Most important is have a clean coding style and well written code. It takes on a life of it’s own and others and you will need to refer back to it. In a group it can make a big difference if everyone is on the same page with this. I agree with some of the deWiTTERS style and some things I don’t. Still main thing is to make the code easier to read and maintain.

    I do comment my functions but I rarely comment the code within a function. The comment is a brief statement that will let me and others know the purpose of the function without having to decipher the code. Like deWiTTERS, I use well chosen names that have relevance to the purpose etc. but surely I am not trying to explain everything that happens with the naming. My functions are short, well named, and commented without going overboard. I also did a lot of ASM and tended not to comment that much. It must be something like whats the point.

    For C I always used lower case underscores for static function names and variables and camel style for for external functions and variables. When I am in there maintaining the code it is an instant hint where things are. When C++ came along I used it not because of classes but could see that it was a better C. Just minor things really but to me make a big different. The biggest one for me was being able to define variables where they are being used rather than at the top of some scope before they are used. Better for readability and maintenance in my opinion. When I started using classes in C++ the immediate thought was I needed some new naming. I typically use one file per class. I give the file and class the same name. I use lower case c followed by camel class name.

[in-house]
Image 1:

the class is cMyClass
    the file names are cMyClass.h and cMyClass.cpp

    Just another hint that the file contains a class. Not everything I do is a class. Maybe you have seen some code where every stinking thing is a class to the infinite degree. Good luck with that kind of code. I use m_ for class members.

    deWiTTERS says:
    “Don’t bother putting a β€˜C’ as a prefix for every class, it’s just a waste of bytes and time.”
    I can make the same point for using m_ instead of my_. I use lower c to identify a file with a class and sometimes it can help to prevent collisions when using library code. If someone does not really know what they are doing my_ is not going to help in my opinion and is just a waste of bytes and time… just messin with you.

    I use lower case underscores now for static functions and private methods. I use lower camel for public methods and functions. I switched awhile back when doing Java coding. Naming is one of thing that bothered me and can’t say I have all the answers with that.

    So for my function structure and comments I do the following. I don’t like comments hanging over the top of a function. I think it makes it harder to see where one function ends and another one begins. I like to encapsulate the comment within the function itself. A brief comment since my functions are short and well named to begin with.

    void myFuncion (
    // This is the way I encapsulate a comment within a function. Normally a brief description of what the function
    // does and it helps. Well named names are good of course but I think a real word description also helps. Also
    // gives more space for your parameters.
    int myVarOne, int myVarTwo)

    This style evolved from me and a few other people over time. I can tell you this, the code in the file becomes neat and clean and easy to identify each function or method. Others have adopted this style and others have commented on how readable the code was. I adopt the style to whatever language I might be working in. I am always prepared to make things better with advice from others. The sad thing though is how much bad and sloppy code is out there. Whatever style, keep it clean, neat, and well named.